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The Return (Vozvrashchenie)

DFI Cinema

Andrey Zvyagintsev / Feature Narrative / Russian Federation / 2003 / 106 min / Colour / DCP
In Russian / Arabic, English subtitles
Interests: Drama, Thriller, Mystery
Rated: Parental guidance is advised for viewers under the age of 13. Individuals under the age of 13 are not admitted into cinemas unless accompanied by an individual aged 18 or older.

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Inseparable, if occasionally quarrelsome, young Ivan and his elder brother Andrei are shocked and excited when their father, who has not been home for 12 years and whom the boys only know from a faded photograph, returns out of the blue. The morning after his arrival, Dad takes his sons on a fishing trip, but what might be expected to be an epic bonding experience turns out to be anything but.

As though trying to make up for lost time, Dad seems to throw every paternal trick in the book at his boys – from fondly supportive mentorship to brutal emotional manipulation. While Andrei naturally looks up to his father, Ivan is unconvinced and suspicious, and the dynamic among the trio becomes increasingly taut until inevitably it reaches a breaking point.

Director Andrey Zvyagintsev structures his film with clever precision to explore the psychology of its three characters – as the tension mounts, the narrative slows its pace, allowing the uneasy emotions that seethe beneath the surface of the drama to expand, drawing us into the anger, pain, resentment, guilt, and love that are the tragic result of abandonment.

About the Director

Andrey Zvyagintsev was born in 1964 in Novosibirsk, and graduated from the acting programme at the Russian University of Theatre Arts (GITIS) in 1999, under the tutelage of Evgeny Lazarev. He later went on to take part in independent theatre productions and had a few small parts in films and television programmes.

In 2003, Zvyagintsev shot his first feature-length film, ‘The Return’. A debut not only for the director but for the majority of the crew as well, the film was accepted for the main competition at the Venice Film Festival, where it won the Golden Lion. It also took the Luigi de Laurentiis Lion of the Future prize for best first work, with the commendation: “a sublime film about love, loss, and coming of age.”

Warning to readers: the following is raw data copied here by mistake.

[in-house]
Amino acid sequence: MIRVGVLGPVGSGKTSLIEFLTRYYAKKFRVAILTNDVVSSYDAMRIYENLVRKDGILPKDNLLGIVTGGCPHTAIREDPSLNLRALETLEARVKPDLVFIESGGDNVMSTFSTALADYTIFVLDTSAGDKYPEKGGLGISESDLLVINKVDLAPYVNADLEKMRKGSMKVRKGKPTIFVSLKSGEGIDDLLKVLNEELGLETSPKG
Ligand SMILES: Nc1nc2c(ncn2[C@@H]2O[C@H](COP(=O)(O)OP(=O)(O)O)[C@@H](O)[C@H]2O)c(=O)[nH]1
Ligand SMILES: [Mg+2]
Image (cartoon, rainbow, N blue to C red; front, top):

His second film, ‘The Banishment’, was presented at the Festival de Cannes in 2007, when Konstantin Lavronenko became the first Russian ever to receive the festival’s Best Leading Actor award.

Cannes also presented the international premiere of Zvyagintsev’s third film, ‘Elena’, which took the Special Jury Prize in the Un Certain Regard section.

‘Leviathan’ (2014) was selected for the Official Competition at Cannes, and won the award for Best Screenplay. ‘Leviathan’ also became the first Russian film since 1969 to win the Golden Globe for Best Foreign-Language Film; it was nominated for the Academy Award in the same category, and took the Best Film award at the London Film Festival.

His most recent film, ‘Loveless’ (2017) has been nominated for an Academy Award for Best Foreign Language Film, and was selected for the Cannes Official Competition, where it won the Jury Prize at Cannes. It also went on to be named Best Film at the London Film Festival, making Zvyagintsev only the second director to have won
that award twice.


Andrey Zvyagintsev
Vladimir Moiseenko, Aleksandr Novototskiy-Vlasov
Vladimir Mogilevskiy
Production Designer
Zhanna Pakhomova
Andrey Dergachev
Mikhail Krichman
Sales Company
Vladimir Garin, Ivan Dobronravov, Konstantin Lavronenko

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